will be made at the appropriate time."
- Thousands May Have Gotten vCJD Through Blood Transfusions
- The Sunday Herald online
- Sun 29 Aug 2004 [edited]
- Thousands of people who received blood products prior
to 1999, are to be warned that they may be incubating variant Creutzfeldt-Jakob
Disease [abbreviated as CJD (new var.) or vCJD in ProMED-mail], the human
form of mad cow disease [bovine spongiform encephalopathy].
- Health chiefs are to take the unprecedented step of writing
to all those patients who received blood from donors who subsequently died
from the brain- wasting disease. The move, ordered by the Department of
Health in England, is the strongest sign yet that ministers are preparing
for a new epidemic of the disease spread through blood. Until now, they
have always maintained that infection through a transfusion is a "theoretical
risk." The letters are to be sent out to patients, including hundreds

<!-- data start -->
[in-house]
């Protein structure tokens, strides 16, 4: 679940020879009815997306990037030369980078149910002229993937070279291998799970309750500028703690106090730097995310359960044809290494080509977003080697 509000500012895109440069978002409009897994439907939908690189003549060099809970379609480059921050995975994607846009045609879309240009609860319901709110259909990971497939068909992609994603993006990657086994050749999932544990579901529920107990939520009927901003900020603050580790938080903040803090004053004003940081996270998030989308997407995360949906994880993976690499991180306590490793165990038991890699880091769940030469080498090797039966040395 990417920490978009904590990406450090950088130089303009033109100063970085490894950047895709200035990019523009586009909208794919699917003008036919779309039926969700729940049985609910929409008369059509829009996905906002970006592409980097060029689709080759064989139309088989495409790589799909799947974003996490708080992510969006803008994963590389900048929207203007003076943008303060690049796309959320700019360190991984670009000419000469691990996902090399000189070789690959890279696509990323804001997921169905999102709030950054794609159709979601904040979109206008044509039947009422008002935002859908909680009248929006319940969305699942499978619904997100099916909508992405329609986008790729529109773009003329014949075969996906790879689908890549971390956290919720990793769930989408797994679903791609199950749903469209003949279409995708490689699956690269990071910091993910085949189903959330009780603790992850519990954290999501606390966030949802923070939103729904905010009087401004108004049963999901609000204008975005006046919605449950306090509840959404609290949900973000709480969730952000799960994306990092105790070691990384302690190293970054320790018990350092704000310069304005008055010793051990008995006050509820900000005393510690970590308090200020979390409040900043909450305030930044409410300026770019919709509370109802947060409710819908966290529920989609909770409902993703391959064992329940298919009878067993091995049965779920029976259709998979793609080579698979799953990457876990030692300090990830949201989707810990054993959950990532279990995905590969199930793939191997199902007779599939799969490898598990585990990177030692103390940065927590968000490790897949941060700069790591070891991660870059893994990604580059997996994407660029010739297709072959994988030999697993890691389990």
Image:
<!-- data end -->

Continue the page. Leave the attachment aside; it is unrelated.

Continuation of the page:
of Scots, at the end of September 2004, after the Health Protection Agency
carried out a risk assessment on UK patients who received blood, or plasma
products, prior to all plasma being sourced from the US in 1999 [1998 according
to the BBC report above. - Mod.JW].
- It is understood that the letters will urge each patient
to contact a specialist. The vCJD risk assessment, 1st announced by Westminster
Health Secretary John Reid in December 2003, was ordered at the time as
a precautionary measure, after a patient, who had received a transfusion
from someone with vCJD, also died of the disease. Although the donor showed
no signs of the condition when giving blood in 1996, the disease developed